So how could Neurofeedback/Brain Computer Interfacing improve your life?

By Sharon Niv, Ph.D.

As discussed in this post, there are many potential applications for neurofeedback. The potential for use in children with ADHD has already been elaborated upon, and many individuals find the prospect of treating under-active frontal lobes without stimulant medication very appealing. But there is no reason that Beta wave training would be useful only for individuals with ADHD – applications available for Mindwave, Muse, or Epoc also allow individuals to increase their capacity for concentration. What other uses may be useful to an average person’s life?

1. Brain Training

Beyond just enhancing concentration, these commercial headsets also provide applications for increasing relaxation through enhancing Alpha wave ratios. There are also ‘Peak Performance’ applications, which allow for maximized relaxation and concentration both.

There are some interesting studies that support the idea of cognitive and performance enhancement through neurofeedback. For example neurofeedback has been found to enhane the performance of:

  1. Ophthalmic surgeons
  2. Athletic
  3. Dancers
  4. Musicians
  5. Archers
  6. Cognition in older adults

It may be that brain training will become as prevalent as physical training, as more research emerges about the potency of the method.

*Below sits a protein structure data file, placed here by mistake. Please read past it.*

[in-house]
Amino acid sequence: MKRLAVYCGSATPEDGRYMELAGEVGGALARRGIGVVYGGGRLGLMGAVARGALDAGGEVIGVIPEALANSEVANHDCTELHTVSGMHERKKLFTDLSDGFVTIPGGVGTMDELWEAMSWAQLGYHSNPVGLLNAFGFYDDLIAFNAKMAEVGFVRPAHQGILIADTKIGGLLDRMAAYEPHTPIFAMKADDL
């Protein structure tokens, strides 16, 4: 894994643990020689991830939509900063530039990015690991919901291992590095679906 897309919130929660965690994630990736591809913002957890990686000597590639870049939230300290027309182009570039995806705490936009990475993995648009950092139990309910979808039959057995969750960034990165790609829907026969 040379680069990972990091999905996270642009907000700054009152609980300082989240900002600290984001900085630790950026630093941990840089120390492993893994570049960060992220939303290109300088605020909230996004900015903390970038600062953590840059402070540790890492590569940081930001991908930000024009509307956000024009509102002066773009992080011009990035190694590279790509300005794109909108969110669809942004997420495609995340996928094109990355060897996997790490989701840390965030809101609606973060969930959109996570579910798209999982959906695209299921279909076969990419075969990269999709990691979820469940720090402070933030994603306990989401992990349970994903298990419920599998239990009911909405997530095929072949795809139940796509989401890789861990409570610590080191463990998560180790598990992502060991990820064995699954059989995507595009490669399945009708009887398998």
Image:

2. Insomnia

The Center for Disease Control reports that 50-70 Americans suffer from insomnia. Neurofeedback has been found to ease insomnia in several studies, and may be a preferable method to medication, which can lead to dependence.

3. Mood enhancement

The incidence of depression and anxiety in the United States is high, with 10-15% of adults estimated to experience major depression at some point in their lifetime, and 40 million Americans estimated to currently suffer from anxiety ( In addition to diagnosable conditions, many of us feel as though we would benefit from mood enhancement and a calmer mind. It’s been found that positive mood, openness, and engagement are correlated with more left frontal brain activity, whereas depression is more correlated with right frontal left activity. One neurofeedback approach has emerged to teach individuals to produce more left than right prefrontal activity. This approach has been found to produce long-lasting depression relief for as long as five years, and has proved successful in a randomized control trial, the gold standard of clinical research. These may be ways to teach the brain how to be happier intrinsically, and may represented longer-term change.

These represent just some ways in which brain training may be beneficial to different individuals. As more research takes place, more brain training approaches may emerge.